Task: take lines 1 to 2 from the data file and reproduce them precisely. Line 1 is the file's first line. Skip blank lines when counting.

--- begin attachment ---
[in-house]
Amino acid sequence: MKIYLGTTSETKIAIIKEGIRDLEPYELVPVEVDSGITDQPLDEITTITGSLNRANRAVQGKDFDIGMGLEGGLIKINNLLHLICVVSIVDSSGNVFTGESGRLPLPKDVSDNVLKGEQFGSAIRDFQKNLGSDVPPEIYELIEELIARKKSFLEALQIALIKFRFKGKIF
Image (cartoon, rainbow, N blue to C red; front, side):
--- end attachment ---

[in-house]
Amino acid sequence: MKIYLGTTSETKIAIIKEGIRDLEPYELVPVEVDSGITDQPLDEITTITGSLNRANRAVQGKDFDIGMGLEGGLIKINNLLHLICVVSIVDSSGNVFTGESGRLPLPKDVSDNVLKGEQFGSAIRDFQKNLGSDVPPEIYELIEELIARKKSFLEALQIALIKFRFKGKIF